I started building on the web around 1996. I was young, but I loved computers. I had a computer when I was 2.5 years old. It was a Tandy running DOS. I used to play Hangman and a couple of other games on it and that is the machine I learned how to type on.
I started off my passion for development with QBasic just writing basic...no pun intended, programs that would ask questions and would output your answers. I could even change the colors of the I/O. I thought I was so cool that I could tell the computer things to do and it would do it!
I actually had an old QBasic book from the early ’90s, but I don’t think I ever finished it. As this is the case with most tech books I have.
That led me to the web. I started building web pages with expages then upgraded to Angelfire and cjb.net domains. Remember those? Oh, the days of the blink tag and marquees. Marquees STILL work!
Sara Viera created an awesome website called Make Frontend Shit Again, this was when the web was fun. Animated gif’s, with a hard g, “under construction” graphics. Oh, those were the days. I sure do miss them.
I made a dumb thing: https://t.co/bUu4jhLohD— Sara Vieira (@NikkitaFTW) May 13, 2018
We started making websites because it was fun because we wanted to make dumb shit and now everything is so serious and sometimes I feel like we need to go back 🦄
BRING GEOCITIES BACK! 🚀
I mostly built on the web for fun. One of the first sites I built was called “The Twilight Zone” and it featured spiral graphics, the Twilight Zone theme song, and some animated gifs you could download. Then I built a website for leopard geckos. I won webring awards for that one lol. As I got older, I freelanced a bit, worked as an indy contractor for a local company all while working a non-tech job, then moved on to different corporate companies once I got my foot in the door, now I work at Tuft & Needle, the O.G. bed-in-a-box company and I absolutely love it.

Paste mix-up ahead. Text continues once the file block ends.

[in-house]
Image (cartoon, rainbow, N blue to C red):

My setup at home is pretty fresh. I have an Asus 27” monitor with an Asus 15” portable monitor and off to the right is my 2018 MBP. I also rock an Azio MK Mac wired keyboard and Logitech Triathlon Bluetooth mouse.
I use VS Code with Nightowl as my theme and Fira Code because ligatures are cool. I also use Photoshop and Sketch for design work. Hyper with zsh for my terminal because I dig fast apps built with Electron. And I have all the browsers I think I might need for development and testing. Of course Slack and Twitter for keeping up with the #DeveloperCommunity.
There is also podcast equipment as well. I host a podcast called Tales From The Script.
Any stack that I can use a Mac with lol. I have worked in backends from Java to C#. Currently, I am in a Ruby backend, but luckily for me, I have stayed out of those as much as I can. The front-end is where I shine.
This is such a hard question. Anything that piques my interest. I love all the things that Sindre Sorhus does, he has mad talent. Plus, any great things that come out of the accessibility space I usually check out.
Since HTML, CSS, and Accessibility are my bread-n-butter, ALL the amazing things you can do with CSS today. I love flexbox and grid, CSS variables are going to blow up! At least that is my prediction.
If I am working on personal stuff I like to start brainstorming ideas and come up with color schemes etc. Then I sketch the layout and ideas on paper with a pen, yes, I still use pen and paper. After that, I might design my drawing in Sketch or Photoshop, possibly just design in the browser. Once all looks good and I test things out, I will host and deploy to GitHub Pages, but have been leaning towards Netlify.
One thing I always talk about even though I don’t work for the company anymore was a big customer-facing project where I worked on 99% of the accessibility. It was the first application released as an IT organization that was 100% accessible to all our users. That was a huge win.
Since I work remote, that is a huge challenge. Having the discipline to actually wake up and focus with so many distractions around is hard. I’m not a gamer so turning around and turning on Fortnite or whatever the new hotness is for games isn’t an issue. But being able to focus for 20-30 minutes at a time to accomplish a task can be a struggle.
You just have to buckle down and bang out some code regardless of what is happening around you, besides emergency situations, etc.
Working for a company with a lot of smart devs is also a tech challenge, especially when you come in having to learn new things. The imposter syndrome sets in hard, sometimes I even think to myself, “Why was I even hired?”.
Getting over that is hard, but it gets better day after day from the positive feedback that is received through others on my team, including leads and other teams that work with me.
If you want to check out Tales From The Script, you can find it on the podcast app for Apple, also Google Play and Stitcher. Follow me on Twitter or check out my Medium blog where I write about the web.